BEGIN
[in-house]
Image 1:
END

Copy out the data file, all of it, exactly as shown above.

[in-house]
Image 1: